Sills Becoming Multi-Purpose Threat For Mountaineers

WVU’s David Sills Could Become A Playmaker In More Than One Area


MORGANTOWN, W.Va. – West Virginia’s is placing high hopes in junior receiver David Sills to make a big impact on offense and special teams.

After coming out of high school as a quarterback during his freshman year in 2015 for West Virginia, Sills played in seven games at wide receiver, recorded seven receptions for 131 yards and scored two touchdowns. He then spent his sophomore year at California’s El Camino College as their quarterback for the 2016 season, completing 127-of-237 passes for 1,636 yards and 15 touchdowns. He also rushed for 258 yards on 96 carries, scoring five touchdowns.

“It was my freshman year when I started playing wide receiver,” said Sills, who was among the most highly sought quarterback recruits in the nation early in his prep career before finally giving wideout a try – and understanding the physical differences in the positions. “The first couple of weeks I was fine, I wasn’t really struggling that much and then week three and four came and my legs were just dead. I couldn’t get to my top speed, I couldn’t do all that and that was just because I didn’t prepare the way the receivers did.
Wide receiver David Sills
“I prepared as a quarterback, and quarterbacks have a lot to prepare for. Don’t get me wrong, they’ve got a very hard job, a lot of it’s very mental. With receiver it’s more on your legs. That’s what I tried to do more when I came back is just preparing in the summer by stressing your body as much as you can so when it comes to this you can stay healthy and not have any pulls or strains. At the same time you just have to stay in the weight room recovering, training, and stretching all the time.”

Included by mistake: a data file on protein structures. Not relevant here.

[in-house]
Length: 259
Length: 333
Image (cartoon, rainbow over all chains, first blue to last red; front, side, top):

The approach worked, and Sills has continued to make plays in fall camp as he did in the spring, when he was the primary target for quarterback Will Grier. It’s to the point where the combination of underrated physical ability and his mental acuteness has earned praise from other members of the coaching staff, with Sills even being nicknamed “Coach Sills” by offensive coordinator Jake Spavital.
“He does a great job,” Spavital said. “The thing you worry about with Sills is that he does too much. You gotta pull him back. He’s obviously running inside and outside receiving routes, he’s doing extra drills in the film room all night. At the end of the day you gotta tell him to get home, get some sleep, and relax a little bit.
“He’s eager, he wants to be really good, he tells everybody (what to do at times), he helps everybody out, and you like that. Dana (Holgorsen) has mentioned it a few times. Being a quarterback mentality in the receiver room is pretty much what Sills brings to the table. That’s elevated to coach Sills since he knows just about every position on the field.”
After struggles in the punt return game last year in averaging only 1.9 yards per bring back, special teams coach Mark Scott plans to utilize Sills as a returner, something Sills has expressed interest in doing along with being involved with the offense.
“That’s something I want to do.” Sills said. “I feel like I can be really good at it if I worked at it enough. Coach (Tony) Gibson and coach (Tyron) Carrier have been giving me tips about it and everything. A lot of that is just stuff like if someone’s coming at you, you just gotta do it. So that’s just one thing, you have to work on catching the punts and everything, just gotta get the offense with a good field position.”
Coaches and teammates of Sills enjoy joking around with his athleticism due to his transition from quarterback to the more physically demanding position that is wide receiver.
“They kind of all just joke with me probably because I was a former quarterback.” Sills said. “If I do something unathletic, they’ll just be like ‘oh that’s the quarterback’ or something like that. We kind of just all have our jokes in the room, but I just try to do what I can. Mike Joseph’s gotten me a lot stronger and faster since I’ve been here, so I give a lot of credit to my athleticism to him, but I try to do everything I can to stay healthy so I can be the most athletic I can on the field come Sept. 3rd.”